Following the November 30th Anchorage area 7.0 magnitude earthquake, my first thought was the safety of my family, fellow staff, friends, and my community. I assumed there would be casualties and the damage to homes and buildings would be severe. I was relieved that my family and staff were unharmed, yet shaken. Upon subsequent news reports, I was shocked that there were no causalities. Additionally, while there was infrastructure damages, there were no catastrophic failures. This is a testament to Alaska design professionals and the design standards we promote and follow. The days following the earthquake were marked by a response from the design community that unselfishly dedicated their personal time and resources to assess the damage and recommend solutions for repair. I am truly proud to be a part of the design community – we do make a difference.

Ahtna, Inc. Welcomes New Faces Within Subsidiaries


Ahtna, Inc. announces new hires within its subsidiaries. Ahtna Global, LLC, welcomes Rachel Thompson as proposal manager, supporting Ahtna’s proposal and business development activities. Ahtna Environmental, Inc., welcomes Michael Records, MS, EIT, as an environmental engineer and Denise Yancey as proposal coordinator. Records will support environmental and construction work, and manage field staff, subcontractors, logistics, budgets, deliverables, and close-out. Yancey will research and report on new business opportunities and organize corporate information for use in proposals.

Click here to read the full press release.

APDC President’s Letter, November 2018


The Alaska Municipal League (AML) is a statewide organization that represents the unified voices of Alaska’s local governments. The AML aims to influence state and federal decision-making, build consensus and partnerships to address Alaska’s Challenges, and provide training and joint services to strengthen Alaska’s local governments.

All federal and Alaska State agencies are required to use Qualification Based Selection (QBS), and not cost to secure professional design services. However, many of Alaska’s local governments that are represented by AML do not follow QBS; rather they include cost in the selection criteria. At the AML Annual Local Government Conference, held in Anchorage November 12-16, 2018, APDC was invited to hold a panel discussion on the benefits of using QBS. Andrea Story, CPSM, Vice President, R&M Consultants, Inc. moderated the discussion. The panel consisted of Stephen Nuss, PE, Engineering Director, Anchorage Water & Wastewater Utility; Al Beck, PE, Design Group Chief, Alaska Department of Transportation & Public Facilities; Chris Miller, PE, President, Design Alaska; and myself, Mike Rabe, PE, Principal, CRW Engineering Group, LLC.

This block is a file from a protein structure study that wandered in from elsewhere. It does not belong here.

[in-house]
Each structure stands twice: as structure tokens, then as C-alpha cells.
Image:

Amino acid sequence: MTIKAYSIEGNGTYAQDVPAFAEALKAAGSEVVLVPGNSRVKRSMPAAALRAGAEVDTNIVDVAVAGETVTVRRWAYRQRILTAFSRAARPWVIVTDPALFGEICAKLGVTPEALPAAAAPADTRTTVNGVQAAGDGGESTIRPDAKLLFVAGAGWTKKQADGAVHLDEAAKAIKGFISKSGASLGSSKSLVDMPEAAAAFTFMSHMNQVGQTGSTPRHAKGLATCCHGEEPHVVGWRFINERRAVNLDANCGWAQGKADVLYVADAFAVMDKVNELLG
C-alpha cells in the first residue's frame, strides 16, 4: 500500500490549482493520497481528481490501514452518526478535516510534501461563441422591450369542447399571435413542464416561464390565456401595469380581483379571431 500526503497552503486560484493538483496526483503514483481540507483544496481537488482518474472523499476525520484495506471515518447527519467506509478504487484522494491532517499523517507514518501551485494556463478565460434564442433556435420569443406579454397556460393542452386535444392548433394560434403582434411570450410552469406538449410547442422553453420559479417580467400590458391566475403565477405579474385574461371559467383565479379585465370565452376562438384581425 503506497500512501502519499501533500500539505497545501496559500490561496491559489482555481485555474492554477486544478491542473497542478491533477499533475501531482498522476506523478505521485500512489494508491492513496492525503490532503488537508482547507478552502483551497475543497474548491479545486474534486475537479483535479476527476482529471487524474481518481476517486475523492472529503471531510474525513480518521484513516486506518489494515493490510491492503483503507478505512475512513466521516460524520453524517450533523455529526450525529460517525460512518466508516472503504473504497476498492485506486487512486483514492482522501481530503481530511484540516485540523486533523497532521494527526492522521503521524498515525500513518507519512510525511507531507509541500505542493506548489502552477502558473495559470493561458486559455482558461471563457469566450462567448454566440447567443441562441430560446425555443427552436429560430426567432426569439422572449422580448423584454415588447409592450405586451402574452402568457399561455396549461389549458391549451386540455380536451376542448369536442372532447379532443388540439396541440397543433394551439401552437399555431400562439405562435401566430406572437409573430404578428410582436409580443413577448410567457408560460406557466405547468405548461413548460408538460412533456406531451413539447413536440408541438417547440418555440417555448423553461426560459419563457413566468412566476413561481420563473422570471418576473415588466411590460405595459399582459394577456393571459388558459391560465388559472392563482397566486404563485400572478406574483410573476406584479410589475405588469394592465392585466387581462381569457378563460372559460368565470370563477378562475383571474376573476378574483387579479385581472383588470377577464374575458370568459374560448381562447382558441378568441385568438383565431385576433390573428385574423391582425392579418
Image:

I was pleasantly surprised to find the local government representatives were generally supportive of the QBS process. In general, they were not following the process because they did not know how to implement a QBS based selection process. Limited resources and schedule further restrained their ability to develop a QBS process. As a result, APDC recently added a “How to Procure Design Services” tab to our website to provide guidance. Additionally, several of us volunteered to assist communities with the QBS process, including tailoring the Request for Proposal document to the type of project, recommending scoring criteria, and assisting with reviewing and scoring proposals. If you are willing to assist in this process please contact the following APDC representatives:

Andrea Story Email:

Mike Rabe Email:

I would like to thank those who participated in the panel discussion, especially Andrea Story who coordinated the effort and Nils Andreassen, Executive Director, AML who supported APDC’s efforts at the conference.

Schools and Earthquake Safety: Identifying Alaska’s Most Vulnerable School Buildings


The Alaska Seismic Hazards Safety Commission conducted rapid visual screening of several school districts to help identify the most vulnerable schools and allow the state to prioritize limited capital resources. To find out more about the Alaska Schools Earthquake Safety, and see out how certain school buildings measured up, review the report here.

You can also learn more by visiting the commission website, here.